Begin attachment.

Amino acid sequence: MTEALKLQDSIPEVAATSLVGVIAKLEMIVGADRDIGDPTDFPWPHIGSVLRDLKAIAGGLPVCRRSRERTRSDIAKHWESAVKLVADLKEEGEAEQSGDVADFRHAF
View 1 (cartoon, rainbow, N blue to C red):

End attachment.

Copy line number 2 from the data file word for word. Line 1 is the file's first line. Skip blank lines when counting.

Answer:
View 1 (cartoon, rainbow, N blue to C red):